- The Homestead Act was a federal law passed in 1862 by President Abraham Lincoln, and applied to all American states and territory. This act was officially ended by the Federal Land Policy and Management Act of 1976.
- The only area exempt from the end to homesteading was the state of Alaska, which was allowed to continue homesteading for another 10 years, until 1986.
- Historically, people interested in homesteading had to first file their intentions with the local Land Office and pay some basic fees for a temporary claim. Homesteaders then had to live on the land five years (although later this was reduced to three), build a home, farm the land, and make "clear improved development."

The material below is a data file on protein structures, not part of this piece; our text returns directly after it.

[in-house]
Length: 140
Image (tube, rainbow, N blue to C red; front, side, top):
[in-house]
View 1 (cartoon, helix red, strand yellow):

Last Homestead Claim
- The last officially recognized claim under any part of the Homestead Act was by Kenneth Deardorff for 80 acres of land in southwest Alaska, by Stony River. He received his patent in 1988, having met all the requirements almost a decade before.
- The Homesite Laws were state laws in Alaska that worked similar to federal Homestead Laws. These eventually led to "land disposals," which are still in limited use for individuals wishing to acquire land in Alaska for development.
- This is the most common way to cheaply (but not freely) acquire land parcels in Alaska and occur most commonly with parcels from 1-40 acres with prices ranging from $1,900 to $40,000 according to the Alaska DNR. Land disposals can be done when public land goes for auction, or there are parcels of land that can be sold "over the counter."